Abstract

An after-death communication (ADC) is a spontaneous experience of communication with a deceased friend or family member. This study examines 1667 cases on the After-Death Communication Research Foundation website (ADCRF.org). A total of 336 (20.1%) were found to be evidential. The three main categories of evidential ADCs and previous research are discussed.
After-death communications have been reported throughout recorded history. If one includes religious visions, Jesus is the most famous example (1 Cor. 15:5-8). ADCs have been estimated to occur in 35-40% of the population (Streit-Horn, 2011, 60). ADCs occur in people of all ages, races, and religions. They are extremely comforting and helpful to the people who have them and helpful in the resolution of grief (Streit-Horn, 2011, p 73). Most ADCs are private experiences and do not provide evidence of an afterlife. The present study deals only with evidential cases.
The cases were drawn from the After-death Communication Research Foundation website (ADCRF.org) which is owned by Jeff and Jody Long. Jody Long, webmaster, kindly gave me permission to do this study, and I am grateful for all her help in making this possible.
The ADCRF website asks experiencers to submit their account and answer a brief questionnaire. Cases submitted that are not in English are translated by volunteers. While some researchers (Vincent, 2019, 49-65) include divine beings and others include strangers (aka, ghosts) (Haraldsson, 2012, 145-152), the ADCRF website and this study use this definition: An after-death communication (ADC) is a spontaneous experience of communication with a deceased friend or family member. The use of mediumspsychomanteumshypnosisdrugs, and other forms of necromancy are excluded.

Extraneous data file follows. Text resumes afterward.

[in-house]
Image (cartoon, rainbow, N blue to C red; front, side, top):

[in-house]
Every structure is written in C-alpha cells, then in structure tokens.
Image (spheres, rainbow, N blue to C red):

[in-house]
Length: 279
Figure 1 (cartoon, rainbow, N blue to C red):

Additionally, evidential cases selected are limited to visual, auditory, significant tactile contact, and sense of presence. “Signs” used by some researchers (Guggenheim & Guggenheim, 1995) such as smells, orbs, butterflies out of season, double-rainbows, clocks starting and stopping, lamps flickering, lights flashing are excluded. Finally, this study includes persons who are awake, asleep, or in-between, in contrast to those researchers who limit their studies to those who are awake (Stevenson, 1982, 349).
I will begin with a non-evidential case of my own. It was a wonderful experience and as real today as when I experienced it, but it offers no proof to anyone but me:
About two weeks after my father died, he appeared to me in a vivid dream and said, “Son, being dead takes some getting used to, but you’ll like it”. This vivid dream was comforting to me, although before the dream I had no doubt that my father was in a good place.

Of the 1667 cases examined, 336 (20.1%) were considered evidential. These cases fall into three commonly researched categories…

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